From firstname.lastname@example.org Wed Dec 3 19:15:07 2003
Date: Mon, 24 Nov 2003 21:41:49 -0600 (CST)
From: “Tim Murphy” <email@example.com>
Subject: FW: Politics, pipelines converge in Georgia
To: undisclosed-recipients: ;
Tbilisi—It looked like a popular, bloodless revolution on the streets. Behind the scenes, it smells more like another victory for the United States over Russia in the post-Cold War international chess game.
Once, the game was played out on a truly global scale, in places such as Angola and Afghanistan, and was cloaked as a fight between capitalism and communism. These days, as Russian power and influence have shrunk, so has the playing field. The fight for influence goes on, but the battlefields have edged much closer to Moscow—former colonies such as Kyrgyzstan and Uzbekistan in Central Asia, and Azerbaijan and Georgia in the Caucasus.
Eduard Shevardnadze used to be one of the chess masters. Yesterday, he was knocked aside like just another pawn.
The roots of Mr. Shevardnadze's downfall go much further back than Georgia's disputed parliamentary election, held on Nov. 2, which even his chief-of-staff has now acknowledged were rigged. They lie to the east, in the oil under the Caspian Sea, one of the world's few great remaining, relatively unexploited, sources of oil.
Since the collapse of the Soviet Union, Moscow and Washington have been jockeying to control the route that will eventually take these enormous resources more rapidly to market in the West. Georgia and neighbouring Azerbaijan, which borders the Caspian, quickly came to be seen not just as newly independent countries, but as part of an “energy corridor.”
The old, Soviet-era pipeline runs from the Azerbaijani capital Baku north into Russian territory, then west to the Black Sea port of Novorossisk, in the process running through the troubled separatist region of Chechnya. Anxious to build a more secure route, Western investors built a second line in 1998 from Baku to the Georgian port city of Supsa. Plans were laid for an even larger pipeline that would run through Georgia to Turkey and the Mediterranean.
When these plans were made, Mr. Shevardnadze was seen as an asset by both Western investors and the U.S. government. His reputation as the man who helped end the Cold War gave investors a sense of confidence in the country, and his stated intention to move Georgia out of Russia's orbit and into Western institutions such as the North Atlantic Treaty Organization and the European Union played well at the U.S. State Department.
The United States quickly moved to embrace Georgia, opening a military base in the country two years ago to give Georgian soldiers “anti-terrorist” training. They were the first U.S. troops to set up in a former Soviet republic.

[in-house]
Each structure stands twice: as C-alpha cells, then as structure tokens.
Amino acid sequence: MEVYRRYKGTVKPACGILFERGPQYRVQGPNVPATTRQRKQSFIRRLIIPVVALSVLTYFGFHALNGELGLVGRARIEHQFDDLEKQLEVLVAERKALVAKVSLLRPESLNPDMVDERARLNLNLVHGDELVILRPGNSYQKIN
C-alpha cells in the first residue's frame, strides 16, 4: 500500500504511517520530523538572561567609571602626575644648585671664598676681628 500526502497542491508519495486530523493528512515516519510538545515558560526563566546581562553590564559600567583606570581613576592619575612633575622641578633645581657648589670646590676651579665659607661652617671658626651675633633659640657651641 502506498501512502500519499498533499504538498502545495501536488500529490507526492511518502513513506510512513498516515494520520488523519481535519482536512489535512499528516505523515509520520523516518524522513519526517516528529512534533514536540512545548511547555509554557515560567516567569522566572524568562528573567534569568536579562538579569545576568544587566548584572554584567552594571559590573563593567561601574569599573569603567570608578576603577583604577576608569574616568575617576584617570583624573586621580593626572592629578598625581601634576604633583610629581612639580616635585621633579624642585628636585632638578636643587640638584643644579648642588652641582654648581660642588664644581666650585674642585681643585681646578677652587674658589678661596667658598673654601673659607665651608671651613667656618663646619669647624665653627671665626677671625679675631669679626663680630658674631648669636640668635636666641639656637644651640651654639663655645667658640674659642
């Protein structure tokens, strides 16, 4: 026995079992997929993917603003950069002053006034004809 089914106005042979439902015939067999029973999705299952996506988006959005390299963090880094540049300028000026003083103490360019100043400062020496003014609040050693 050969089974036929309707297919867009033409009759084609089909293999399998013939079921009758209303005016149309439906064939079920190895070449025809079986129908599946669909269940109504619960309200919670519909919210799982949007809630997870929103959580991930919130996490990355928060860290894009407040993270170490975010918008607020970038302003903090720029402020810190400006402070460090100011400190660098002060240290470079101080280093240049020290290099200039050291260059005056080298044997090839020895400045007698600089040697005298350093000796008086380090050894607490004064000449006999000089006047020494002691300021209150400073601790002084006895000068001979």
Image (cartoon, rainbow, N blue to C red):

But somewhere along the line, Mr. Shevardnadze reversed course and decided to once more embrace Russia. This summer, Georgia signed a secret 25-year deal to make the Russian energy giant Gazprom its sole supplier of gas. Then it effectively sold the electricity grid to another Russian firm, cutting out AES, the company that the U.S. administration had backed to win the deal. Mr. Shevardnadze attacked AES as “liars and cheats.” Both deals dramatically increased Russian influence in Tbilisi.
Washington's reaction was swift. Within weeks, U.S. President George W. Bush had sent senior adviser Stephen Mann to Tbilisi with a warning: “Georgia should not do anything that undercuts the powerful promise of an East-West energy corridor,” he said.
After the energy deals with Russia went ahead anyway, Mr. Mann was followed by former U.S. secretary of state James Baker, ostensibly an old friend of Mr. Shevardnadze, who warned the Georgian leader of the need for a free, fair parliamentary election on Nov. 2.
(No such warning was given in neighbouring Azerbaijan, where outgoing president Heidar Aliyev handed the presidency to his son in what observers called a mockery of a vote. Mr. Aliyev had never been as cheeky with the Americans as Mr. Shevardnadze.)
After the vote in Georgia, a U.S. organization called the Global Strategy Group quickly released exit poll results that contradicted the official count, and gave victory to the party of Mr. Shevardnadze's U.S.-educated opponent, Mikhail Saakashvili. Richard Miles, the U.S. ambassador to Tbilisi who also happened to be posted to Serbia when Slobodan Milosevic was toppled by a popular revolt, made the rounds in Tbilisi, lending tacit support to the opposition's contention that Mr. Shevardnadze had to go.
Yesterday, Mr. Shevardnadze went. The U.S.-backed candidate for president, Mr. Saakashvili, won the day. And Russian Foreign Minister Igor Ivanov, after telling Mr. Shevardnadze there was nothing more Moscow could do for him, flew from Tbilisi to the coastal resort town of Batumi in the autonomous republic of Adzharia to stir up new opposition.
The game begins again.